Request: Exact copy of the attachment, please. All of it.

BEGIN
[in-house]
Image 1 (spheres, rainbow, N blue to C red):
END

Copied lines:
[in-house]
Image 1 (spheres, rainbow, N blue to C red):